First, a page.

5 Self-Care Techniques to Encourage Calm During COVID-19

How To Keep Calm

Since the country has come out of quarantine, many of us feel more anxious.

Back in early May, nearly three out of four Americans already felt the country was reopening too quickly — and with the number of COVID-19 cases now rising again in Orange County, we’re hearing from many of you that stepping back into your old pre-quarantine lives actually feels scarier than ever before.

This is completely normal and to be expected. But it also means that caring for one’s mental health has become critical. We all have bad days and can feel vulnerable to feeling overwhelmed, anxious, or depressed at any given time.

To help with this, the American Psychological Association (APA) recently recommended a series of simple, in-the-moment self-care techniques designed to lower anxiety, release tension, and enhance mood within minutes. We think they’re absolutely wonderful ways to manage one’s own mental health and can work well for your entire family.

The techniques are divided into five basic areas outlined below. We also encourage you to check out their entire set of resources, which include posters, instructional videos, and the science behind each recommendation.

  1. Calm Yourself
    Slowly breathe in for 4, hold it for 4, and then breathe out for 6. Repeat 10 times.

    Staying in a state of high alert eventually takes a toll on your physical body. This deep breathing technique will lower your level of physiological arousal.See resources for more: Poster, Video
  2. Focus Yourself
    Slow your racing thoughts by counting backward by three in your mind from 100 (100, 97, 94, etc.).
    Stress can interrupt your thinking patterns, making you either scattered or too hyper-focused. This interferes with problem-solving. A simple counting task can reset your brain and increase your ability to rationalize and make decisions.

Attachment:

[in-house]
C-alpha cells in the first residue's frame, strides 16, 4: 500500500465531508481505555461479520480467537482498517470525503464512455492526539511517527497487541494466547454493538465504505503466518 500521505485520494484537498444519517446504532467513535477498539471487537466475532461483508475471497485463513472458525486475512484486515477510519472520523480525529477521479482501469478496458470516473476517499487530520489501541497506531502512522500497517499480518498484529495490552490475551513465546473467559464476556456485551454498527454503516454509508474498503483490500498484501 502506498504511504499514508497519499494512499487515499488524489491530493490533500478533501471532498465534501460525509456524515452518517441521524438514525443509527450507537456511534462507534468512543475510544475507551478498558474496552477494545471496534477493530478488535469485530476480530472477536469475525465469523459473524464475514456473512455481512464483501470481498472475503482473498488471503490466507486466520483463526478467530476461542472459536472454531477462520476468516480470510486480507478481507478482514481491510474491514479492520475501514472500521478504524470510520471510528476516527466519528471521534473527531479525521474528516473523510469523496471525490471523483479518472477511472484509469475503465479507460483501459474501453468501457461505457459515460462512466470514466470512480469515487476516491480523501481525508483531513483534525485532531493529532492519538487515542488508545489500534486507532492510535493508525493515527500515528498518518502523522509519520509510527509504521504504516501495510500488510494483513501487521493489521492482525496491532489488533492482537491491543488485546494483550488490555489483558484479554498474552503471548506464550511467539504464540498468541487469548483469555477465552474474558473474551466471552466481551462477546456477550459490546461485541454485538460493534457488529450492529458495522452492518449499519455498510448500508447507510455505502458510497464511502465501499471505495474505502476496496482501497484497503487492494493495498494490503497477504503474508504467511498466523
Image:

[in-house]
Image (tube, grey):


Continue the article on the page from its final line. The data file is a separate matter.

See resources for more: Poster, Video

  3. Ground Yourself
    Do a quick scan of your body and notice the air around you and any surfaces you are touching. If possible, close your eyes and focus on the sensations, textures, and temperatures. Feeling overwhelmed can take away your present-moment awareness. This quick check-in on your physical environment allows you to tune back into the details around you and see them more clearly without your mental “filter,” helping you be more effective for those who need you.

    See resources for more: Poster, Video

  4. Relax Yourself
    One by one, tense each muscle group in your body for 10 seconds and then release. Notice how it feels to let your muscles relax and have the tension leave your body. The stress of your environment shows up as tension in your body, so relaxing your muscles will help release it. It’s a simple thing to do, but you’ll notice greater flexibility and energy in your body, as well as an increased sense of calm.

    See resources for more: Poster, Video

  5. Celebrate Yourself
    Think about 3 things that went well today. If they involved another person, recognize and thank them whenever possible. COVID-19 gives you no shortage of things to be upset or worried about. Putting an intentional focus on positive events can help increase your sense of control and faith in your own resilience.

    See resources for more: Poster, Video

Contact us today for professional support

This may very well be the most challenging period of our lifetime. Our skilled therapists can help with compassionate support either in person or remotely via online telehealth.

Call us today at 949.528.6300 or email us at info@OCHealthPsych.com to be matched with one of our providers. 

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—Written by Ekua Hagan for Orange County Health Psychologists

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